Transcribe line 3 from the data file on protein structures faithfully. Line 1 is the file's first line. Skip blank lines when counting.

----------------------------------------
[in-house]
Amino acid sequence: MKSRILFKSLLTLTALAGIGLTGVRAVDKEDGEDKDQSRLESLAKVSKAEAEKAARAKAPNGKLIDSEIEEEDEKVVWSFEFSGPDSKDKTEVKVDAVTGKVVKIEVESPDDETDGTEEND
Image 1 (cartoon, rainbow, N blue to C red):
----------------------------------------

Image 1 (cartoon, rainbow, N blue to C red):